**For a square lattice as shown, the coordination number is
4 (the number of circles touching any individual).**

**The empty spaces between the atoms are interstitial sites. Since
each is touched by 4 circles, the interstitial sites are also 4-coordinate,
and the geometry is also square.** **In this example there are
the same number of interstitial sites as circles.**

**Also because the atoms attract one another, there is a tendency to
squeeze out as much empty space as possible.** **The packing efficiency
is the fraction of the crystal (or unit cell) actually occupied by the
atoms. It must always be less than 100% because it is impossible to pack
spheres (atoms are usually spherical) without having some empty space between
them.**

**P.E. = (area of contents) / (area of unit cell)**

**Regarding our square lattice of circles, we can calculate the packing
efficiency (PE) for this particular lattice as follows:**

**The interstitial sites must occupy 100% - 78.54% = 21.46%.**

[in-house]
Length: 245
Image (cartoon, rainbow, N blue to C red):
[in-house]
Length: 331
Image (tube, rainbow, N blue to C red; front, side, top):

**Let us compare this with a hexagonal lattice of circles. We
note that :**

**The larger coordination number (more bonds) and greater packing efficiency
suggest that this would be a more stable lattice than the square one.**

If we compare the square and hexagonal lattices, we see that both are made of columns of circles. However, in the hexagonal lattice every other column is shifted allowing the circles to nestle into the empty spaces. Thus, the higher packing efficiency.

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**Structure of Crystals**
**Crystal Lattices**
**Unit Cells**
**From Unit Cell to Lattice**
**From Lattice to Unit Cell**
**Stoichiometry**
**Packing
& Geometry**
**Simple Cubic Metals**
**Close Packed Structures**
**Body Centered Cubic**
**Cesium Chloride**
**Sodium Chloride**
**Rhenium Oxide**
**Niobium Oxide**

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